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S. D. Points, R. C. Smith (CTIO/NOAO), Y.-H. Chu (Univ. of Illinois)
Massive stars inject energy into the ambient medium via strong UV fluxes, fast stellar winds, and powerful supernova explosions, and thus are the main energy source of the interstellar medium (ISM) in late-type galaxies. This stellar energy feedback ionizes the ambient gas, sweeps it into shell structures, and fills the interior of the shell with hot, shock-heated gas. The interplay between massive star formation and stellar energy feedback plays an important role in the structure and evolution of the ISM in a galaxy. To examine the effects of stellar energy feedback on the ISM in a star forming region, it is necessary to acquire knowledge of the stellar content and the interstellar gas components at all temperatures and ionization states (i.e., the multi-phase ISM) in detail over the region of interest.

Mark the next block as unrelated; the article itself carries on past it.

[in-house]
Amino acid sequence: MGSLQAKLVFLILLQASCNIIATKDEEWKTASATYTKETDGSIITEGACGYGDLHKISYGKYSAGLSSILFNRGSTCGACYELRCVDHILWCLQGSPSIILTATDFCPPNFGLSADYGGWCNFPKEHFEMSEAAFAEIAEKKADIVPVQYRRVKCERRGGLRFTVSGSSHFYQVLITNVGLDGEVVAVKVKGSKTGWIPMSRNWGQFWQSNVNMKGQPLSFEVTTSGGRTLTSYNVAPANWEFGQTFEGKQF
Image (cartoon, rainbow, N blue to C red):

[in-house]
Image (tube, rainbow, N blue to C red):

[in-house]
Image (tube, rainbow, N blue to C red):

Star forming regions in the Galaxy can be studied in great detail, but the overall structure cannot be easily visualized because of confusion along the line of sight and uncertainties in distances. Extragalactic star forming regions can be studied for their integrated properties, but not for their physical details. The Large Magellanic Cloud (LMC) provides an ideal site to study the stellar energy feedback in star forming regions due to its proximity and low foreground absorption. Here we investigate the distribution and the physical conditions of the hot ionized gas in the 30 Doradus complex (e.g., plasma temperature and density) as well as the star formation activity as determined by optical emission line images.
This work is supported by the grant NASA NNG04EE20I.
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Bulletin of the American Astronomical Society, 37 #4
© 2005. The American Astronomical Soceity.